Quick Take: Falling Skies, "Worlds Apart"
The aliens have landed... again.
Review: Falling Skies, "Worlds Apart"
(S0201) Steven Spielberg must be feeling a lot like Joss Whedon right about now. Out of three projects that he's attached his name to in the past year, only Falling Skies has earned its renewal, while Terra Nova and The River have gone on to greener pastures (though the latter is one of the better standalone seasons in recent history).
While Falling Skies may not have dinosaurs or magical Amazonian labyrinth, it does have aliens – and it does aliens well. The special effects are markedly stronger than what we’ve seen in the recent realm of alien apocalypses – V and The Event spring to mind – and while the presentation of the alien "Skitters" and "Mechs" are nothing particularly innovative, last season’s reveal of what I’m calling the "Slendermen" as the true invaders introduces a new level of intimidation that I can definitely get behind.
Tom Mason (Noah Wyle) spent a great deal of the show’s freshman season trying to free his middle son, Ben, following his abduction. With the help of the 2nd Massachusetts resistance, Tom finds his son, allowing the good doctor Anne (Moon Bloodgood) to remove the mind-controlling harness fused to his spine, though not without consequence.
As his last act of protection for Ben, Tom gives himself to the Slendermen in the Season One finale. Picking up three months later, Season Two opens with Tom’s reappearance on the battlefield, though Ben believes he’s an alien and shoots him without a second thought. Tom spends the first hour of the premiere unconscious and remembering the past three months. After refusing to surrender his race to a neutral sanctuary (pronounced "concentration camp"), and reminding a despairing girl that humankind still has some hope left, he makes it back to Boston to be shot by his son. Some trip.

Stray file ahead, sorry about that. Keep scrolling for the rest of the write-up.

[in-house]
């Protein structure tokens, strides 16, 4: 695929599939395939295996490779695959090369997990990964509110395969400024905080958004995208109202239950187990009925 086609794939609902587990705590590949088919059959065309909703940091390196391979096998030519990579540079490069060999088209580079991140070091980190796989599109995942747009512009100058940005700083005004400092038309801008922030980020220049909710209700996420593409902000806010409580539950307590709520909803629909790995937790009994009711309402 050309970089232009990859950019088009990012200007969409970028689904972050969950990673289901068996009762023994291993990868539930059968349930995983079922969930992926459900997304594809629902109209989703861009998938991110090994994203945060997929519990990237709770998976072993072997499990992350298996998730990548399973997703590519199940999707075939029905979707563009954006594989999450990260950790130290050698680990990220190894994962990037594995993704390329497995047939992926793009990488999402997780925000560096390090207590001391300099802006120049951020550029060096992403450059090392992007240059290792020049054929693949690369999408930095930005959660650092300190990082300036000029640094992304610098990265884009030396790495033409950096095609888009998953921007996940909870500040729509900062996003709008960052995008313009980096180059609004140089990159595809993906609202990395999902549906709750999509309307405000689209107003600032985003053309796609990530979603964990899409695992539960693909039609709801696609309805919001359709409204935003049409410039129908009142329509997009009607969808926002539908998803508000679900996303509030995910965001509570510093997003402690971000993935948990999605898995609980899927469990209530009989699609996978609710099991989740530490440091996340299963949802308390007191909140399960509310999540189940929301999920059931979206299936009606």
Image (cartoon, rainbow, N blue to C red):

Tom’s return isn’t everything that it seems, however. Even though the teacher-turned-strategist’s moral compass is as straight as his laces, resident suspicion-sowing Pope (Colin Cunningham) and the resistance’s military leader Captain Weaver (Will Patton) remain skeptical regarding the circumstances of his return. Granted, they didn’t see the field of people slaughtered in front of Tom just so the Slendermen could make their point.
Even though the stakes should be high mid-invasion, the sense of constant and impending peril isn’t entirely established in the opening hour. We are given a proper reintroduction to the Mason family, however, as they are the Spielberg-signature family struggling to get past petty problems in a time of crisis. The second hour delivers the way a premiere should, though, building upon the arms race between factions, as well as the internal struggles that threaten to disrupt the resistance’s attempt to survive the end of the world.